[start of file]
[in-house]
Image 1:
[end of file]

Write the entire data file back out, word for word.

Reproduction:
[in-house]
Image 1: